Earlier this year, deep fake pornography made the headlines when viewers watching a popular Twitch streamer noticed that some of the streamer’s internet tabs led to pornographic deep fake sites featuring the faces of other female Twitch streamers. A Twitch user watching the stream screenshotted the deep fake site address and posted it on a widely shared Reddit thread, leading to further exposure. The streamer, Atrioc, apologized for viewing and spreading the content across the internet. He claimed that he paid for it out of “morbid curiosity.” For the female Twitch streamers, QTCinderella, Sweet Anita, Maya Higa, and Pokimane, no amount of morbid curiosity could justify their privacy and reputational violations. These streamers have millions of followers on Twitch and go to great lengths to craft and protect their images and brand. Sweet Anita, for example, has kept her real name off of the internet and has chat moderators ban any user who sexualizes her in the chat. Despite her efforts to remain in control of her own narrative, deep fake technology threatens her image. She stated, “I am being forced and sold [into sex work] by someone I don’t know.” QTCinderella similarly took to Twitter to voice her outrage at the situation, saying, “Stop spreading it. Stop advertising it … Being seen ‘naked’ against your will should NOT BE A PART OF THIS JOB.”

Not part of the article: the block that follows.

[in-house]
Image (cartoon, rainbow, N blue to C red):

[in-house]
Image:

The female streamers are not alone. Since deep fakes began appearing online in 2015, their primary use has been for non-consensual pornography, and that trend is not slowing down. The number of pornographic deep fake videos found online has nearly doubled every year since 2018. A 2019 report found that over 96% of deep fakes found on the internet were non-consensual pornography, and 99% of the deep fakes featured women. Deep fake creators advertise openly online and allow anybody to solicit pornographic deep fake content of anyone’s likeness. For example, a Discord user offered to make deep fakes of “personal girls,” anybody with less than two million Instagram followers, for only $65. The process takes only five minutes.